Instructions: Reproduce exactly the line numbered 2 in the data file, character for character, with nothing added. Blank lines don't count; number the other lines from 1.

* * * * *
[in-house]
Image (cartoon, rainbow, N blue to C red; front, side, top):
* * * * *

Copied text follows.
Image (cartoon, rainbow, N blue to C red; front, side, top):